In January 1986, the Hadland’s received a certificate of insurance indicating their coverage benefits under the NASE group policy. In an attached letter, they were asked to read the certificate and call the NN office if they had any questions. The first page of the certificate advised them that if the policy did not meet their needs, they could return it within 10 days for a full refund. fn. 1 NN sent the Hadland’s a second letter to confirm their receipt of the certificate and to ask them to contact the insurer if they had any questions concerning coverage. The Hadland’s did not read the insurance contract. In November, Mary Jane Hadland was hospitalized for a surgical procedure. She incurred nearly $26,000 in medical and hospital bills. NN paid less than one-half, which, the Hadland’s concede, was the total of benefits due under the policy.

To take their fraud cause of action to the jury, the Hadland’s had to prove not only defendants’ false representations, but their own justifiable reliance

‘A reasonable person will read the coverage provisions of an insurance policy to ascertain the scope of what is covered. [Citation.]’ … Generally the insured is ‘bound by clear and conspicuous provisions in the policy even if evidence suggests that the insured did not read or understand them.’

NN (NASE prior Insurance Company) policy’s schedule of benefits expressly provided, for instance: an entirely unambiguous maximum surgical benefit of $6,000, regardless of whether the surgery consisted of an organ transplant, a partial or radical mastectomy or the amputation of a toe; [FN12] a maximum nonintensive care hospital room and board benefit of $300 a day; and a maximum benefit of **95$300 a day for outpatient hospital charges. The Reliance (the company the Hadland’s had before NASE) policy provided unqualified benefits of 80 *1589 percent of covered expenses. Thus, any representations by defendants of “full protection” under the NN policy, or coverage “as good or better” as the Reliance policy, were patently at odds with the express provisions of the written contract. If the Hadland’s had read it, they would have discovered its limitations, rejected it, and continued to pay the higher premium for the increased security of Reliance’s more comprehensive coverage.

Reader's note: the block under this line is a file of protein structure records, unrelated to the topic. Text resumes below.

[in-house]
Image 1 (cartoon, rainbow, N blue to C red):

View Entire Case on Findlaw.com Hadland v. NN Investors Life Ins. Co.